Previously seen more as a pleasant pastime for pensioners than a hip home accessory, houseplants have confidently taken root in contemporary interiors. Few cool interiors are bereft of greenery. Where before there were clean lines and cool spaces, now plant pots abound, spilling forth their leafy goodness, adding warmth and homeliness wherever they grow. I’m sold.
Yet until recently my home has been sadly lacking in plant adornment. It was not always thus. In my youth, in an effort to take the edge off disappointing rental interiors, I experimented with houseplants of varying species. All met with a tragically premature demise. In more recent years I have tried my hand at gardening. Suffice to say, outdoors, I did not excel either.
I’m not alone in suffering this ineptitude. It’s sufficiently common to have gained its own term of art. “Black thumb” is defined in the urban dictionary as “a wannabe gardener who kills plants”. That sums me up rather succinctly. I accepted that cultivating healthy plants was an ability I simply did not have and effectively gave up any aspiration of being a successful gardener.
However with the trend for jungle interiors showing no sign of abating, and a sense of something missing the only thing growing round our place, I recently resolved to get with it on the green front.
My initial strategy was to take the foolproof approach and fake it. Faux plants have rebranded and shrugged off the naff plasticky vibe of yesteryear. Quality options mean that even the most folliagely challenged among us need not to suffer plantlessness. I posted last week about some lovely faux ferns from Mia Fleur who also stock a fab range of other artificial options. Rockett St George hosts an impressive selection too.
Although this approach provided instant gratification, it has not proved a complete solution. Good quality faux plants aren’t cheap for one thing. But also, I feared that by faking, I might be missing out on the benefits of keeping real live houseplants in my home. Urban Jungle Bloggers in sharing their love of plants have encouraged an online green community to flourish and inspired bloggers and readers to bring more green into their homes. They opine that plants make our lives better, healthier and more beautiful. It’s hard to argue with that.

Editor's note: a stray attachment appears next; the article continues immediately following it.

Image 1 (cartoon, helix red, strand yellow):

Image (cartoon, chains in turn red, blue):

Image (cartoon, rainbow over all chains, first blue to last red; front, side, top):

Feeling inspired myself, I prepared to welcome some green buddies (as the UJ peeps describe them) into my home. Not feeling optimistic about their chances of long term survival however, I decided to think of these specimens as equivalent to a bunch of cut flowers; I would accept that their life span was limited, I would try to maximise it, and if they died after a few weeks I would not consider it a failure, but simply replace them. The plants would add loveliness to my home but even with a short life span would still beat flowers on value for money. Not an approach recommended by Urban Jungle Bloggers I grant you but, understand, my previous for serial plant murdering had affected my confidence.
So I returned from an Ikea trip armed with a couple of healthy, thriving specimens. I made them look lovely in some shiny vintage brass pots bought specially from e-bay. I basked in their vibrant green allure and waited for the inevitable decline.
Low and behold. Readers, several months down the line, I have not one but two survivors.
Perhaps it’s akin to that phenomenon when couples who’ve tried multiple cycles of IVF with no success finally decide to give up their dream of becoming parents, only to find that they get pregnant naturally. By embarking on my green mission with no expectation of success, I appear to have cracked it. Enboldened, I’m planning a trip to the garden centre. Perhaps my home can be an urban jungle yet.
It is only right I disclose however, that my recent efforts in cultivation have not been an unmitigated success.
Have you managed to overcome plant killing tendencies to become a fully fledged urban jungle-ite? Please share your tips.